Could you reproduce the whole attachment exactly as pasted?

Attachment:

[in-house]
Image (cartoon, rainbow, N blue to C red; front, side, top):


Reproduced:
[in-house]
Image (cartoon, rainbow, N blue to C red; front, side, top):